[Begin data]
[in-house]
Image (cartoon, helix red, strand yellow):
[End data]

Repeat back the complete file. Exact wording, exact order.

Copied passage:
[in-house]
Image (cartoon, helix red, strand yellow):